# Linear Spaces of a Graph, Part 2

## Resistive Networks

How to contact me.

This material comes from some notes for a
University of Waterloo
course taught by Herb Shank. (c. 1975)

Back to
Part 1.

When are
*Z* and *B*
disjoint?

Back to the
Graph
Theory Index.

As an application of Theorem 3, we consider a problem in resistive networks. The model is a connected graph together with a voltage source *c*_{i} and a positive resistance *r*_{i} on each edge *e*_{i}. The problem is to determine the resulting current *j*_{i} and voltage drop *v*_{i} on edge *e*_{i}, assuming that the network is subject to conditions known as Ohm's law and Kirchhoff's voltage and current laws.

Let *V = v*_{1}e_{1} + v_{2}e_{2} + ...,
*J = j*_{1}e_{1} + j_{2}e_{2} + ...,
*c = c*_{1}e_{1} + c_{2}e_{2} + ..., and let *R : C -> C* be linear with *Re*_{i} = r_{i}e_{i}. In these terms, the resistive network problem is: given *c* and *R*, find *V* and *J* subject to

*V=RJ* (Ohm's law)

*(V-c,z)=0*, for each *z* in *Z* (Kirchhoff's voltage law)

*(J,þn*_{i} )=0, for each vertex *n*_{i} (Kirchhoff's current law).

(Kirchhoff's voltage law says that the sum of the voltage changes around each closed path is zero; Kirchhoff's current law says that the sum of the *j*_{i} entering a vertex has to be the same as the sum leaving that vertex.)

**Theorem 4**.The solution to the resistive network problem is unique and is given by
*J = D*^{-1}R^{-1}H^{*}c,
*V = RJ*,

where
*D = w*_{T1} + w_{T2} + ...; the sum being taken over all spanning trees of the graph.

**Proof**. For any solution *J*, *RHJ = H*^{*}RJ.

Since *J* in *Z*,

*RHJ = R(w*_{T1}A_{T1} + w_{T2}A_{T2} + ...)J

= R(w_{T1}A_{T1}J + w_{T2}A_{T2}J + ...)

= R(w_{T1}J + w_{T2}J + ...)

= RDJ.

Since *RJ-c* in *B*, and since
*A*_{T}^{*}b=0 for any *b* in *B* (look at linear products: *bA*_{T}e_{i}=0 for each edge *e*_{i}), it follows that
*H*^{*}RJ=H^{*}c.

Now, *RDJ = H*^{*}c and *J = D*^{-1}R^{-1}H^{*}c.

Taking inner products of each side of the above equation with an edge *e*_{i} yields

*j*_{i} =
D^{-1}r_{i}^{-1}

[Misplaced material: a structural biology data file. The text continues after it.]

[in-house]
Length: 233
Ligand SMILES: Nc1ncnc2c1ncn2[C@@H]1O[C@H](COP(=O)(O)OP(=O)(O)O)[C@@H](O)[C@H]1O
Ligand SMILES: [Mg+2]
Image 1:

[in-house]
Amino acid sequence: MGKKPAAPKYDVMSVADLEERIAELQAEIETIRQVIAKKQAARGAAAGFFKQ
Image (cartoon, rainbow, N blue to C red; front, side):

(w_{T1}(A_{T1}e_{i},c) +
w_{T1}(A_{T1}e_{i},c) +
... ),

and this is the original form of the result (modulo my typsetting), due to Kirchhoff (1847). Existence and uniqueness of currents in a resistive network appears to have been proven first by H. Weyl (1923).

We now establish some facts about spanning trees.

Let *G-e* denote the graph obtained from *G* by deleting the edge *e* and let *G*_{e} denote the graph obtained from *G* by contracting the edge *e*. Note that the contraction operation may result in multiple edges. Let *N(G)* denote the number of spanning trees of *G*.

**Lemma 3**. The spanning trees of *G* that do not contain the edge *e* are exactly the spanning trees of *G-e*. The edge sets of spanning trees of *G* which contain *e* consist of the union of *{e}* with the edge sets of spanning trees of *G*_{e}.

(Or, considering that we are using vector spaces, this union can be replaced by a sum, and the subsets replaced by vectors.)

**Proof**. Easy Exercise.

**Corollary**. *N(G) = N(G-e) + N(G*_{e} ).

Without pictures, the next little section is not as pretty as it could be. (As if **html** is a pretty way to display sums and other mathematical symbols.)

One can let a picture of the graph represent the number of spaning trees of the graph. Then the recursive equation given in the Corollary can be used to calculate the number of spanning trees of the graph. This method is frequently displayed in elementary texts on graph theory.

I do not suggest you use this method for large graphs. The
Matrix-Tree Theorem
is far better computationally.

**Lemma 4**.
If *d* in *Z(G-e)*, then *d* in *Z(G)*. If
*d* in *Z(G*_{e} ), then *d+ke* in *Z(G)*, for some *k*.

**Proof**. The first statement is easy. We prove only the second.

To distinguish between *A*_{T} in *G* and in *G*_{e}, use *a*_{T} for the latter. Thus, if *T* is a tree in *G*_{e},

*A*_{T}e_{i} = a_{T}e_{i} + u_{i}e, where *u*_{i} in *{0,1,-1}*.

We are given that *d = x*_{1}a_{T}e_{1} +
x_{2}a_{T}e_{2} + ....

Thus, *d + (x*_{1}u_{1} +
x_{2}u_{2} + ... )e =
x_{1}A_{T}e_{1} +
x_{2}A_{T}e_{2} + ....

**Lemma 5**.
If *d* in *B(G*_{e} ), then *d* in *B(G)*. If
*d* in *B(G-e)*, then *d+ke* in *B(G)*, for some *k*.

**Proof**. Exercise.

**Lemma 6**. *A*_{T} + B_{T}^{*} = I.

**Proof**. Look at

*( (A*_{T} + B_{T}^{*})e_{i} , e_{j} )

= (A_{T}e_{i},e_{j} ) +
(B_{T}^{*}e_{i} , e_{j} )

= (A_{T}e_{i},e_{j} ) +
(e_{i},B_{T}e_{j} ).

If *i* and *j* are distinct, these last two terms are either both zero, or they are of equal magnitude and opposite sign.

If *i=j*, and *e*_{i} not in *T*, then
*(A*_{T}e_{i},e_{j} ) = 1 and
*(e*_{i},B_{T}e_{j} ) = 0.

If *i=j*, and *e*_{i} in *T*, then
*(A*_{T}e_{i},e_{j} ) = 0 and
*(e*_{i},B_{T}e_{j} ) = 1.

When are
*Z* and *B*
disjoint?

Back to the
Graph
Theory Index.

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Last modified November 3, 2000, by S.C. Locke.